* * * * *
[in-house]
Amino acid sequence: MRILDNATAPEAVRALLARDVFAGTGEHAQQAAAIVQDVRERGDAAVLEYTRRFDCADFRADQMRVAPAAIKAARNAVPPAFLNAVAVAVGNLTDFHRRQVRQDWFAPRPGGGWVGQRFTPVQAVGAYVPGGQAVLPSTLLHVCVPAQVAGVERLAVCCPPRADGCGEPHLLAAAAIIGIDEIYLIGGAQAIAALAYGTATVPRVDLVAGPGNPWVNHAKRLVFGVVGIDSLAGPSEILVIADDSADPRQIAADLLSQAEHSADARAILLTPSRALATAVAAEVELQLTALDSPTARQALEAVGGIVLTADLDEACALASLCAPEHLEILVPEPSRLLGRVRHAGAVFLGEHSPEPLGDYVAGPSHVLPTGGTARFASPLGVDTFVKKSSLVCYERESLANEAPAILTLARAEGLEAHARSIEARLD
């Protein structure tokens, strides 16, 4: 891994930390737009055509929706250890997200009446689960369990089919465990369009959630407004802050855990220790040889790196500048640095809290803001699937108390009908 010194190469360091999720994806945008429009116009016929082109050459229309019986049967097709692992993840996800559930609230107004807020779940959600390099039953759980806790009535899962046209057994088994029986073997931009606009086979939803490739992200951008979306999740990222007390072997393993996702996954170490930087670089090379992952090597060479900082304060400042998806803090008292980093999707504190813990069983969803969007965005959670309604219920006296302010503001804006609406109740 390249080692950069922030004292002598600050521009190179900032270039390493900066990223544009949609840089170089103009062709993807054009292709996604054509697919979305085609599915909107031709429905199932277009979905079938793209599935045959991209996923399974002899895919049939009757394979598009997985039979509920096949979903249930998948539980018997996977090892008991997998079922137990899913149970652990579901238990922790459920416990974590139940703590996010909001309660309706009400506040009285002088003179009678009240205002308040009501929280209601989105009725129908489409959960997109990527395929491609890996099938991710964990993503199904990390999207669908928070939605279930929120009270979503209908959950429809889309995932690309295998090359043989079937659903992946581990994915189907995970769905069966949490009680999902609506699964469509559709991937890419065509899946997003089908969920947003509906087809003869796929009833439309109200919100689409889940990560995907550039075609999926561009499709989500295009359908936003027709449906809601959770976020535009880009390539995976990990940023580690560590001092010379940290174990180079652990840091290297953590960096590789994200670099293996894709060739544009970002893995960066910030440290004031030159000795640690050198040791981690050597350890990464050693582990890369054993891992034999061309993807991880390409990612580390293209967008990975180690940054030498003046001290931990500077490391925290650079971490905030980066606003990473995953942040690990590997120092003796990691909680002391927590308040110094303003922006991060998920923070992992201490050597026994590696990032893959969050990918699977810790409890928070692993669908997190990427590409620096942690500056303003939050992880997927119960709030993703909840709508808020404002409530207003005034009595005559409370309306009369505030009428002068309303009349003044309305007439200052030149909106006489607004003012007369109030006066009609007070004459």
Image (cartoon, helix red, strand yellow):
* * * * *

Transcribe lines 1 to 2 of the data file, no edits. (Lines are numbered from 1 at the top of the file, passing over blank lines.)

[in-house]
Amino acid sequence: MRILDNATAPEAVRALLARDVFAGTGEHAQQAAAIVQDVRERGDAAVLEYTRRFDCADFRADQMRVAPAAIKAARNAVPPAFLNAVAVAVGNLTDFHRRQVRQDWFAPRPGGGWVGQRFTPVQAVGAYVPGGQAVLPSTLLHVCVPAQVAGVERLAVCCPPRADGCGEPHLLAAAAIIGIDEIYLIGGAQAIAALAYGTATVPRVDLVAGPGNPWVNHAKRLVFGVVGIDSLAGPSEILVIADDSADPRQIAADLLSQAEHSADARAILLTPSRALATAVAAEVELQLTALDSPTARQALEAVGGIVLTADLDEACALASLCAPEHLEILVPEPSRLLGRVRHAGAVFLGEHSPEPLGDYVAGPSHVLPTGGTARFASPLGVDTFVKKSSLVCYERESLANEAPAILTLARAEGLEAHARSIEARLD